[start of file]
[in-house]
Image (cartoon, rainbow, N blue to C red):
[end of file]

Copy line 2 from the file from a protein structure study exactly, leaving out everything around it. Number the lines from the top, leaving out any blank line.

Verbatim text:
Image (cartoon, rainbow, N blue to C red):